DNG couldn't support a high-end feature that would automatically fix color aberrations from the camera lens. Neither could it support future features to correct lens distortion and a darkening problem called vignetting, said Victor Naranjo, a Hasselblad regional sales manager. "That's something at this time we're not able to do, shooting directly to DNG. In the future that might be possible," Naranjo said.

Outside those companies, support is hard to find.

Take Nikon, along with Canon, one of the digital SLR powerhouses. "Nikon currently has no plans to support the DNG format within its cameras," the company said. One concern is that DNG is a slow-moving standard that could slow Nikon's innovation, it added.

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11 comments

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RAW alternative for backup
Instead of using proprietary RAW formats for backup just save all images as TIFF 16 bit uncompressed. This way you are not loosing any color information and TIFF has been around for quite a while now.
Posted by dominicsotirescu (17 comments )
Reply Link Flag
TIF? No...
RAW files from my camera are 6.6 MB, but converted to 16-bitt TIFF these files are now 24+ MB. I take thousands of photos, and I don't want to try to store and backup 4X the number of Gigabytes of photos as I currently manage... I use the Adobe Camera Raw (ACR) convertor and NOT DNG. I figure since they both come from Adobe, the chances of losing support for either one is about the same, and IF Adobe stopped support for RAW there are several other companies that provide suitable RAW convertor programs.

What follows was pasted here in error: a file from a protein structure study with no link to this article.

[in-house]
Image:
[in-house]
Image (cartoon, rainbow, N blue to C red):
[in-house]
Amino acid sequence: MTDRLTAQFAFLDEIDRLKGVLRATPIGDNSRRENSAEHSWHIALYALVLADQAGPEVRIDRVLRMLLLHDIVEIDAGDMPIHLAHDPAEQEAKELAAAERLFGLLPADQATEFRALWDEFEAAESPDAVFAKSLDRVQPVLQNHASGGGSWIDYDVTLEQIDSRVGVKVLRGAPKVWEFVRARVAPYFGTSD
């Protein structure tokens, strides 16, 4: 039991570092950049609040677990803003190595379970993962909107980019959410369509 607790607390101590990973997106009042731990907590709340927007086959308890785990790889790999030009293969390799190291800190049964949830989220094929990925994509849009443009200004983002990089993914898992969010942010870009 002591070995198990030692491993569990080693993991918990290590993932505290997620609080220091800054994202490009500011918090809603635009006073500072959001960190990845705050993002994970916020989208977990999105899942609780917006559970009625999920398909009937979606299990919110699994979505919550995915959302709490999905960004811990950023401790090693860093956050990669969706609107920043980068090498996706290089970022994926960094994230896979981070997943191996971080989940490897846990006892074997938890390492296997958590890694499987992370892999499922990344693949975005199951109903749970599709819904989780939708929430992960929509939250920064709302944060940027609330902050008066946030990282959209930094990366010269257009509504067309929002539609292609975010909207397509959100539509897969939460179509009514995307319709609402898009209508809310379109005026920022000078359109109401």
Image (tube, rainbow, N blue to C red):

Posted by cecilw (9 comments )
Link Flag
Tif? No...
RAW files from my camera are 6.6 MB, but converted to 16-bitt TIFF these files are now 24+ MB. I take thousands of photos, and I don't want to try to store and backup 4X the number of Gigabytes of photos as I currently manage... I use the Adobe Camera Raw (ACR) convertor and NOT DNG. I figure since they both come from Adobe, the chances of losing support for either one is about the same, and IF Adobe stopped support for RAW there are several other companies that provide suitable RAW convertor programs.
Posted by cecilw (9 comments )
Reply Link Flag
I use 16 bit iamges in the Pro Photo color space but...
I use a 16.6mp camera, and the raw files from it are about 20mb in
size. One of these, when processed and saved as a 48 bit (16 bits
per Red, Green & Blue channels) TIFF results in a file that is around
100mb. Translation: 10 of those TIFFS equals approx 1Gb of
storage to manage. As a professional photographer I can end up
with anywhere from 1 to several hundred frames, and that is after
editing, on a project. keeping up with Archiving is difficult enough
as it is . Can you explain to me why I would I want to increase those
problems 5 fold?